Minimum price 'may not affect binge-drinking'

25 January, 2012

Minimum unit pricing may not stop young people binge-drinking, one of the academics behind the influential Sheffield Report on alcohol pricing has said.

Dr John Holmes, of the University of Sheffield, told Holyrood’s Health & Sport Committee, which is investigating Scotland’s plan to introduce a minimum unit price on alcohol, that it is unclear how much of an effect the proposals would have on binge-drinking.

He said: “If people are saying this is going to have a huge impact on young people binge-drinking, it’s not exactly clear if that will be the case.

“There will be some impact and we can see the model predicts there will be reductions in various types of crimes.

“Part of that is to do with some on-trade alcohol being sold at low prices. Part of it is to do with some alcohol-related crime following binge-drinking sessions which started with drinking at home.”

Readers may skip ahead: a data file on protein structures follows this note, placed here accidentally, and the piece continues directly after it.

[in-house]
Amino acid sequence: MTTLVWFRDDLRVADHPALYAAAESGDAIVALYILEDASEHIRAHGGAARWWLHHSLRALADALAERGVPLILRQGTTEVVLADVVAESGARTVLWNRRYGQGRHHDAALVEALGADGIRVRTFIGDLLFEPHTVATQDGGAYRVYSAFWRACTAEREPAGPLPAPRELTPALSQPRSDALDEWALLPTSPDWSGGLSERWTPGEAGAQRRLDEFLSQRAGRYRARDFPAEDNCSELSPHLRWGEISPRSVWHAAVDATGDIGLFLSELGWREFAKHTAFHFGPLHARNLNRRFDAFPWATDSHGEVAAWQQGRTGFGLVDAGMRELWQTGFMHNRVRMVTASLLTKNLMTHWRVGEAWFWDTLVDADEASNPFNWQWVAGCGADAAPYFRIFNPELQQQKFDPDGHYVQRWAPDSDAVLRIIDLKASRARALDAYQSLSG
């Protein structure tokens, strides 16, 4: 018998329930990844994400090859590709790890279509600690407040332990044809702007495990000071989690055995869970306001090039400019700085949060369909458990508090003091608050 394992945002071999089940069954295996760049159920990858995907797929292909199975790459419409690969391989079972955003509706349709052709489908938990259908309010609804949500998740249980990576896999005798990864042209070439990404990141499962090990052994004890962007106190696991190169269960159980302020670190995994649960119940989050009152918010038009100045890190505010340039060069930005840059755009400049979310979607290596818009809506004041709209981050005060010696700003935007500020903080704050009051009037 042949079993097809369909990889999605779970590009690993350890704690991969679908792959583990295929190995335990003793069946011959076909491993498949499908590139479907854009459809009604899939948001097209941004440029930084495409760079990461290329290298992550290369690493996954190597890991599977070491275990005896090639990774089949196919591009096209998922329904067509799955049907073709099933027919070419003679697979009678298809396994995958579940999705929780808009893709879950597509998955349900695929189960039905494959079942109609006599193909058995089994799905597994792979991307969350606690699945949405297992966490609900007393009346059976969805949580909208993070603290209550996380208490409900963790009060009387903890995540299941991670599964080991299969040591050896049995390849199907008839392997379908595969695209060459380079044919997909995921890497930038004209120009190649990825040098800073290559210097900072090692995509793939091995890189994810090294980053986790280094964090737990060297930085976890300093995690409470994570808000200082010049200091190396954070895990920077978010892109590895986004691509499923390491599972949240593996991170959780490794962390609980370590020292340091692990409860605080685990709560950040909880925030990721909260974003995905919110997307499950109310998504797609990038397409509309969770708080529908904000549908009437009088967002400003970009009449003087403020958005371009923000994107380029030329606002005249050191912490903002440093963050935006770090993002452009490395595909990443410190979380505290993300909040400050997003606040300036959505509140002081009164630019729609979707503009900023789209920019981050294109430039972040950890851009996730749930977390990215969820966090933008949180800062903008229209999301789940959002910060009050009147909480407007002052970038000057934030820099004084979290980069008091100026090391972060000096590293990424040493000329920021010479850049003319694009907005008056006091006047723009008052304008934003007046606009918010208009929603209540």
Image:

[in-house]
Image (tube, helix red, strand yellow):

But his colleague Professor Alan Brennan said he would be very surprised if there was no positive effect on health from a minimum unit price on alcohol.




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Richard Hemming MW: beware inverse snobbery

Few things can bring communal pleasure so intimately as wine. Apart from a hot tub, perhaps. Sport can trigger mass jubilation, film gives us shared empathy, but wine has a nigh-unique ability to bestow conviviality among us through a shared bottle – which makes it especially galling that we spend so much time divided over it.

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